KTM 390 Adventure: 5 Things You Need To Know

Evans Brasfield
by Evans Brasfield

Lightweight adventure bike with class-leading features

Some readers have asked us what we were thinking when we put the little KTM 390 Adventure in our South Dakota shoout with the Aprilia Tuareg 660, the Ducati DesertX, and the BMW 1250 GS. We were saying that Adventure bikes don’t need to be big to have fun on all terrains. Significantly lighter than the other bikes in the shootout, the 390 has a lot of things going for it. The 390 Adventure has been a good seller for KTM, and we’ve really enjoyed it every time we have one in our hands. So, what makes the KTM 390 Adventure so special?

Motorcycle.com's 2023 South Dakota Adventure Tour

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Motorcycle.com would like to thank Travel South Dakota for sponsoring this video.

1. Solid Engine

The 390 Adventure gets its power from a 373 cc Single, and the 89 mm x 60 mm bore and stroke breathe through four DOHC-actuated valves, delivering around 42 hp and 27 lb-ft of torque, like every other KTM 390 we’ve tested. While that’s not a lot of power, it was more than enough to almost hang with the big boys on our South Dakota trek. On the highway, it had a clear disadvantage under acceleration, but a judicious application of throttle and shift lever allowed the little KTM to catch up – just like with its siblings the 390 Duke and the RC390, which share the same power plant. When it came to rocky or tight, technical terrain, the Little Single that Could just chugged over everything we tossed at it. With an easy-to-manage clutch, the 390 was a popular choice in the tough stuff. The only fly in the engine ointment was a difficult quickshifter for upshifts in lower gears. This was a huge surprise since KTMs generally have very slick electronics in this regard. Finally, in off-road riding, where it really matters, the 390 engine sipped the gas from its 3.8 gallon tank, allowing for extended range.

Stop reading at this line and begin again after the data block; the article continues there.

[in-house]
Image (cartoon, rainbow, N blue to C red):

2. Outfitted For Adventure Travel

The 390 Adventure comes with key components for life on the road. First and most importantly, engine guards are standard equipment. Anyone who is honest with themselves about wanting to ride this bike off-road knows that at some point, the bike will end up on its side. The engine guards are a key component for keeping an embarrassing moment from being a trip ending one. When it comes to getting to, from, and through those remote locations, the standard Continental TKC-70 tires are more than up for the job, delivering great performance on pavement and competent performance in the dirt, which is the very definition of a good all-around adventure tire.

Still, there is room for improvement. The plastic hand guards look the part, but we’ve managed to crack one every time we’ve tested the 390 Adventure. We wish that a stronger supporting structure were used. Similarly, while a portion of the included bash plate is metal, we’d prefer an all-metal one. Fortunately, there is one available from KTM’s PowerParts catalog. Even with these quibbles, the little Adventure arrives ready for road and dirt. All you need to do is strap on some bags.

3. Awkward Standing Position

Newbies and pros alike know that when the going gets technical in off-road settings, often the best position to be in is standing on your pegs. Handlebar placement is key for comfort and ease of operation. Unfortunately, the 390 Adventure’s handlebar is simply too low for most riders. Our crew ranged from 5’8” to 6’4”, and every single rider complained about the KTM’s handlebar height. The good news is that the fix is quite simple. Buying an aftermarket handlebar riser will place the bar right where it should be. One nice note about the handlebar is that it is a tapered aluminum item instead of the less sturdy steel that many manufacturers use.

4. More Expensive Than Others In Its Class